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Definition of the Complaint

Vomiting is defined as the forceful contraction of abdominal muscles and the diaphragm in a coordinated fashion expelling the gastric contents through an open gastric cardia into the esophagus and out through the mouth. The medullary vomiting center coordinates this process of vomiting via efferent pathways of the vagus and phrenic nerves. Stimulation of the medullary vomiting center occurs either directly or through the chemoreceptor trigger zone. Direct stimulation may occur through afferent vagal signals from the gastrointestinal tract or other sites including but not limited to the vestibular system, the cerebral cortex, or the hypothalamus. The chemoreceptor trigger zone in the area postrema of the fourth ventricle can be activated by noxious sights and smells or by chemical stimuli in the blood secondary to medications, metabolic abnormalities, and certain toxins.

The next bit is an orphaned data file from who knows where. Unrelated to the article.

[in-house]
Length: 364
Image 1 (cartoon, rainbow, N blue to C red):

Gastroesophageal reflux is not vomiting but rather regurgitation, and despite being projectile at times, is an effortless return of gastric contents into the mouth without nausea or coordinated muscular contractions.

Complaints by Cause and Frequency

It is important to remember that vomiting is not a diagnosis but rather a symptom of an underlying pathologic process that requires a thorough evaluation. The causes of vomiting can be grouped based on age of presentation (Table 3-1) or etiology (Table 3-2).

Table 3-1. Causes of Vomiting and Regurgitation in Childhood by Age.
Table 3-2. Causes of Vomiting and Regurgitation in Childhood by Etiology.

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